A bit late in the day to be posting for InSPIREd Sunday, but worth the wait, I hope.  For the past several months I've been trying to get photos of all the historical churches in Louisville.  Have had Saint Michael the Archangel Orthodox on the list for some time.  Waiting for a day when the sky is bright so it would be a good background for the church dome and blue spires.  This church was established in the 1930s and is described as Pan-Orthodox Christian, serving many cultures and ethnic groups from Eastern Europe, Middle East, Africa, and America who live in Louisville.  Your can see the different influences in the architecture, especially the domed roof, brightly colored spires, and iconography.  Hopefully, I can get back to the church in the future to take some photos inside.

Here are a few more photos of the exterior:

Linking to InSPIREd Sunday .

Wednesday, October 16, 2013

Wild Bird Wednesday - Meet Jane

A few weeks ago "Jane" showed up in the front yard looking for a snack from around the bird feeding stations that I've set up to try to attract some different birds for the winter. I was thrilled to see a hawk so close up--especially those piercing eyes. But it was the "leggings" that cracked me up and earned this one the name of "Jane". Remember Jane Fonda and her workout leggings in all those exercise videos? Feel the burn!

And then yesterday I heard this terrible racket in the backyard and, after looking and looking, spotted "Jane" in the tiptop branches of a tree.  She obligingly stayed around long enough for me to get this not so great photo.
Identifying "Jane" has been a puzzle.  According to my Kentucky bird books, we're supposed to have sharp-shinned, red-shouldered, red-tailed, and cooper's hawks.  I've studied the pics of each and none fit "Jane" exactly.  Either missing the "leggings", tail shaped differently with different color bars.  My best guess is sharp-shinned, but a couple of Facebook birders say she might be a juvenile goshawk migrating or a rough-legged.  Whatever!  I'm thrilled that she stops by.

Linking to: Wild Bird Wednesday .

Sunday, October 13, 2013

InSPIREd Sunday & Mosaic Monday - Back on the Grid!

Hello Blogger Friends - this is my first posting since August 23rd!  I'm actually a bit nervous composing this post.  Almost like I've forgotten how to blog it has been so long.  After months of internet problems, I decided to get a new computer and went with an all-in-one with touchscreen and Windows 8.  I was just getting started with learning to navigate everything when things in my family fell apart.

Those of you who know me through Summit Musings and Facebook know that I--as do most of you--have primary caregiving responsibilities for older family members.  In my case, Diva Sister fell, spent time in the hospital and rehab during late August - September.  I just got her settled back in her apartment the end of September.  At the same time, my older brother in Tennessee went into the hospital where he received a devastating diagnosis of Stage 4 cancer.  He too was in and out of hospital and rehab and finally went home under hospice care the last of September.  Of course, I wanted to be with him on his final journey--while dealing with Diva Sister-- so was driving back and forth between Kentucky and Tennessee to help with his care.  Sadly, he completed his journey last Tuesday--at home where he wanted to be.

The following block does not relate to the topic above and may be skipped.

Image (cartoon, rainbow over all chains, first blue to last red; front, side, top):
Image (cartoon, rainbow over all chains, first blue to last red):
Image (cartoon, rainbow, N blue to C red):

So, now I'm trying to get some normalcy back in my own life and that includes blogging!

This is the Convent of San Francesco in Tuscany, Italy.  I took these photos on a garden tour of Tuscany in 2000.  Look closely in the center of the photo and you'll see the campanile, or bell tower. The Convent is now a hotel and rehabilitation center for troubled boys and young men.  (click on the photos to enlarge)

In this mosaic you see the old stone paths and walkways around the convent.  Terra cotta urns and planters made locally from the red Tuscan clay line the paths and this single red rose climbs the convent walls.  A common "hen and chicks" grows between the stones.

Here you have a view of the side garden and notice that each window has its own planter of red roses.  A proud bronze peacock perches on the wall overlooking the well-tended garden.  The boys and young men work in the gardens and the hotel as part of their rehabilitation.  The discipline and responsibility--and hard work--was believed to help many turn their lives around.

Linking to InSPIREd Sunday and Mosaic Monday .